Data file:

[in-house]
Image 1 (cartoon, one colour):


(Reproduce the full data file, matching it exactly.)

[in-house]
Image 1 (cartoon, one colour):